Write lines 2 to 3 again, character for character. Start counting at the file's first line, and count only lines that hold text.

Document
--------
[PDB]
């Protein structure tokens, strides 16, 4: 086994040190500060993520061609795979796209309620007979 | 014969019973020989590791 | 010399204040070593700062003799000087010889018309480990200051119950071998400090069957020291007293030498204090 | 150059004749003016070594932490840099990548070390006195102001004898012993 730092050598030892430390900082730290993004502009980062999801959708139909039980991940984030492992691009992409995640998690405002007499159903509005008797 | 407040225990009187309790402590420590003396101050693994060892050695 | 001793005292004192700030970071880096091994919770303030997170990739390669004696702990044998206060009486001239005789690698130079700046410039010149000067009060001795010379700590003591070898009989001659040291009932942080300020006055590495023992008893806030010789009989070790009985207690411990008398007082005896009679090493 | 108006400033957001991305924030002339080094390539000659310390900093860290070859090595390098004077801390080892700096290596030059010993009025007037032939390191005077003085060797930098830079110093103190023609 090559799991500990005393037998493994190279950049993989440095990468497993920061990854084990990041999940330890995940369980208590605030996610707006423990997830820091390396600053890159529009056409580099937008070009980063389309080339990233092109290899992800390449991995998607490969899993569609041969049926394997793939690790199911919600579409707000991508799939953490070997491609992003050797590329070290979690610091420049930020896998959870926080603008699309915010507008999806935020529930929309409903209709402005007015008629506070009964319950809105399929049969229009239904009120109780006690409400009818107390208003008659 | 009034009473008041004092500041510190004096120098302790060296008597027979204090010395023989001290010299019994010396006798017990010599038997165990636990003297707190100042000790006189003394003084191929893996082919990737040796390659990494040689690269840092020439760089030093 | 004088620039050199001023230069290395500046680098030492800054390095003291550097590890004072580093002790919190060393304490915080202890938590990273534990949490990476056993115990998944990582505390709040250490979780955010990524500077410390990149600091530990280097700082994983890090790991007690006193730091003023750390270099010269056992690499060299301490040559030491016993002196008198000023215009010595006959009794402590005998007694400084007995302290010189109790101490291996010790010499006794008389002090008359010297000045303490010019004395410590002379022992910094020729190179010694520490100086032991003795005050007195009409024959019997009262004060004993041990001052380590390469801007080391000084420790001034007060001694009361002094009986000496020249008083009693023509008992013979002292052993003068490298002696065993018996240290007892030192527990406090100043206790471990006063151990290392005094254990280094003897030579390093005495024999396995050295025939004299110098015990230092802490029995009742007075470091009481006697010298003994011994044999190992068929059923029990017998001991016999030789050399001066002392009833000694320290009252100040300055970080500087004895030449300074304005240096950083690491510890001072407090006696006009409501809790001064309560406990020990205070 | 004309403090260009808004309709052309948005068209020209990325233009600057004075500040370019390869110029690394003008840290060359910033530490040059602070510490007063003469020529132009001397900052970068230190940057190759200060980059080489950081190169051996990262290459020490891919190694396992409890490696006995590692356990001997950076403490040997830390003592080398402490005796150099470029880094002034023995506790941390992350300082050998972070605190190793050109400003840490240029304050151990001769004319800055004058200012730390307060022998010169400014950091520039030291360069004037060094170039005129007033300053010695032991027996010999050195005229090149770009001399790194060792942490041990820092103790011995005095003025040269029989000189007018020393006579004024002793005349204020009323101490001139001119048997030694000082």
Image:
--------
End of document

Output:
């Protein structure tokens, strides 16, 4: 086994040190500060993520061609795979796209309620007979 | 014969019973020989590791 | 010399204040070593700062003799000087010889018309480990200051119950071998400090069957020291007293030498204090 | 150059004749003016070594932490840099990548070390006195102001004898012993 730092050598030892430390900082730290993004502009980062999801959708139909039980991940984030492992691009992409995640998690405002007499159903509005008797 | 407040225990009187309790402590420590003396101050693994060892050695 | 001793005292004192700030970071880096091994919770303030997170990739390669004696702990044998206060009486001239005789690698130079700046410039010149000067009060001795010379700590003591070898009989001659040291009932942080300020006055590495023992008893806030010789009989070790009985207690411990008398007082005896009679090493 | 108006400033957001991305924030002339080094390539000659310390900093860290070859090595390098004077801390080892700096290596030059010993009025007037032939390191005077003085060797930098830079110093103190023609 090559799991500990005393037998493994190279950049993989440095990468497993920061990854084990990041999940330890995940369980208590605030996610707006423990997830820091390396600053890159529009056409580099937008070009980063389309080339990233092109290899992800390449991995998607490969899993569609041969049926394997793939690790199911919600579409707000991508799939953490070997491609992003050797590329070290979690610091420049930020896998959870926080603008699309915010507008999806935020529930929309409903209709402005007015008629506070009964319950809105399929049969229009239904009120109780006690409400009818107390208003008659 | 009034009473008041004092500041510190004096120098302790060296008597027979204090010395023989001290010299019994010396006798017990010599038997165990636990003297707190100042000790006189003394003084191929893996082919990737040796390659990494040689690269840092020439760089030093 | 004088620039050199001023230069290395500046680098030492800054390095003291550097590890004072580093002790919190060393304490915080202890938590990273534990949490990476056993115990998944990582505390709040250490979780955010990524500077410390990149600091530990280097700082994983890090790991007690006193730091003023750390270099010269056992690499060299301490040559030491016993002196008198000023215009010595006959009794402590005998007694400084007995302290010189109790101490291996010790010499006794008389002090008359010297000045303490010019004395410590002379022992910094020729190179010694520490100086032991003795005050007195009409024959019997009262004060004993041990001052380590390469801007080391000084420790001034007060001694009361002094009986000496020249008083009693023509008992013979002292052993003068490298002696065993018996240290007892030192527990406090100043206790471990006063151990290392005094254990280094003897030579390093005495024999396995050295025939004299110098015990230092802490029995009742007075470091009481006697010298003994011994044999190992068929059923029990017998001991016999030789050399001066002392009833000694320290009252100040300055970080500087004895030449300074304005240096950083690491510890001072407090006696006009409501809790001064309560406990020990205070 | 004309403090260009808004309709052309948005068209020209990325233009600057004075500040370019390869110029690394003008840290060359910033530490040059602070510490007063003469020529132009001397900052970068230190940057190759200060980059080489950081190169051996990262290459020490891919190694396992409890490696006995590692356990001997950076403490040997830390003592080398402490005796150099470029880094002034023995506790941390992350300082050998972070605190190793050109400003840490240029304050151990001769004319800055004058200012730390307060022998010169400014950091520039030291360069004037060094170039005129007033300053010695032991027996010999050195005229090149770009001399790194060792942490041990820092103790011995005095003025040269029989000189007018020393006579004024002793005349204020009323101490001139001119048997030694000082």
Image: